Kevin McNew and Cody Bills
The Grain Hedge Team provides a macro-focused daily view of the world’s grain markets. Kevin McNew, President of Grain Hedge and GeoGrain, received a bachelor’s degree from Oklahoma State University and his master’s and Ph.D. degrees in Economics from North Carolina State University. He spent 10 years as a Professor of Economics with the University of Maryland and Montana State University focusing on commodity markets and is widely regarded for his ability to boil-down complex economic situations into easy-to-understand concepts for applied life. Cody Bills received his Business Administration degree, concentrating on finance, from the University of Vermont. Beginning his career as an analyst for a local investment firm, Cody’s insight and understanding of the grain markets has led to national publication as well as an invitation to host Grain TV daily and be a regular guest on AgWeb Radio.
Grains Find Positive Territory
Mar 19, 2013
Grain futures managed positive gains in the overnight session after suffering steep losses across much of the complex on Monday. Soybeans and corn were up 4 cents while wheat posted a 2-cent gain.
Nearby May corn futures reached its highest level since February 6th trading up to $7.24 in the overnight session. News from Taiwan that they were seeking a 23,000MT cargo of corn from the US helped provide small boost. However, exports in general continue to underperform with Monday’s USDA export inspections putting the year-to-date pace still below USDA’s annual projection by 24 MB.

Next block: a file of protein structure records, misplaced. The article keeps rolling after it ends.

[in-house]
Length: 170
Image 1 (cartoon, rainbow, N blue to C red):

For beans, China announced they were canceling 2 MMT of Brazilian soybeans due to shipment delays. The cargos were to be shipped in January and February, and traders in China now expect to substantially increase shipments into April through June, although it remains to be seen where those beans will be sourced from. Brazil’s port congestion is reported to have waiting time for ships to load beans stretching to around 40 days. Even so, news of late on US exports has been dismal, and US Gulf basis levels have backed off sharply falling 20-cents a bushel in the past week on sluggish demand.
In wheat, crop conditions improved again this week in Oklahoma and Kansas but slipped in Texas and Colorado’s first report of the season showed only 12% of the winter wheat crop in good-to-excellent condition. In international markets, India announced a 65,000 MT tender to export wheat in its ongoing effort to cut its huge stockpiles, while Bangladesh was seeking a 50,000 MT shipment of wheat.